Special Task Force Keynote: Professor Mary Yang

by kaveh@ucmss.com — last modified Dec 07, 2017 07:40 PM
Developing Novel Computational Intelligence Approaches for Innovative
Systematic Pedagogy in Integrated Research and Education (INSPIRE)

Professor Mary Yang
Director of MidSouth Bioinformatics Center
Director of Joint Bioinformatics Ph.D. Program, George Washington
Donaghey College of Engineering & IT, University of Arkansas at Little Rock and
University of Arkansas for Medical Sciences, USA

In collaboration with Professor Wenbing Zhao, Director of Doctoral Program in Electrical Engineering and Computer Science (EECS), Cleveland State University, USA and Professor Hamid R. Arabnia, Editor-in-Chief of Journal of Supercomputing (Springer . Nature), Department of Computer Science, University of Georgia, USA
Date, Time, Location: TBA


To meet current demand for producing next-generation workforce equipped with skills and expertise in big-data analytics, we developed an Innovative Systematic Pedagogy for Integrated Research-Education (INSPIRE) model that is centered around two great challenges:

(1) Transforming multidisciplinary STEM training so that it enhances emerging problem-solving capacity and

(2) Training STEM students how to have a bigger hand in performing large-scale scientific work.

                Our main research hypothesis is that critical improvement in the way big-data scientists are trained comes not solely from large-scale data mining but, in addition, comes from developing useful machine learning and artificial intelligence techniques that automate intelligent learning derived from big-data. The INSPIRE model was built by enablers in the scientific community, and indeed, by the community at large, to help resolve the scarcity of those Professionally Skilled / Trained in Big Data analytics (PSTBD) issue by equipping students with a versatile cross-disciplinary skill set. Our frameworks focus on using integrative research technologies to help solve Education’s Performance Prediction Data Mining Crisis (EPPDMC), by putting to rest issues associated with mining and making best use of big data for educational enhancement, such as multi-source education acquisition, data fusion, and unstructured data analysis. We exploit the uses of deep learning, text classification, and semi-supervised learning approaches to solve challenging problems that educators face when analyzing multiplatform big data involved in education, research and training students.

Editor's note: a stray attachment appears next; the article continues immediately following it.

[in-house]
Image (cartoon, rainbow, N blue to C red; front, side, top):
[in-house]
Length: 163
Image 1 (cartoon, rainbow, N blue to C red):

There is a dire need for those of us in the scientific and academic community to be able to transfer our own successes into perfecting the feedback-based machine learning - cognitive science INSPIRE model, one that places a heavy emphasis on providing individualized training to individuals from all walks of life, including large populations of minorities and women, so that all efforts are made as collaboratively as possible, and the benefits of the sewn seeds may be reaped by everyone. We build novel, eclectic, and insightful frameworks based on machine learning and computational intelligence approaches for improving integrated research-education. Based on vast availability of education data available to us, not only can we utilize structured, unstructured, and even multi-media data, but while engaging in leaning intelligent thinking along the way, we can also maximize the utilization of big data by studying the motion and performance of these data. We integrate our secure privacy preserving and single-cell genomics research to demonstrate the effectiveness of the novel computational intelligence approaches. The INSPIRE model investigates class content and student learning status simultaneously to address the EPPDMC issues as it is being deployed to achieve personalized education and precision teaching. The model is also a practicable and earnest attempt at using cutting edge “smart” technologies that set our society apart by fostering opportunities for teaching and learning. On an even grander scale, we enhance the PSTBD research by developing the INSPIRE model so that broader social impacts can be made by such newly created fields as Systems Genomics at single-cell resolution and fields fostered by creative cross-disciplinary genomic big-data analytics with catalyzed learning-research synergies